Phippen and Novack, meanwhile, are seeking funds through the Massachusetts Bays program to monitor the green crab population in the Great Marsh across Cape Ann and the North Shore.
“Recent data indicates that the green crab population is a threat to this system’s natural resources because it is hyper-abundant, with a catch per unit effort greater than 40 crabs per trap in a 24 hour period,” their report states.
They plan to monitor 12 stations in Essex Bay and another 12 in Plum Island Sound four times a year to better understand the structure of the crab population, which will lead to a well thought out management plan.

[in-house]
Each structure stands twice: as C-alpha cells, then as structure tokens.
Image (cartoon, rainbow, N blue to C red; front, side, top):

Grundstrom was supportive of the Gloucester meeting and the discussion, but said he’s also eager to see the downfall of the green crab’s growing Northeast empire.
“We have studied this thing to absolute death,” he said. “What we need to do now is get it done.”
James Niedzinski can be reached at 978-675-2708 or at firstname.lastname@example.org.